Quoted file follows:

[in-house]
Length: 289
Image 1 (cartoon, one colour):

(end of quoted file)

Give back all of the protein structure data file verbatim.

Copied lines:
[in-house]
Length: 289
Image 1 (cartoon, one colour):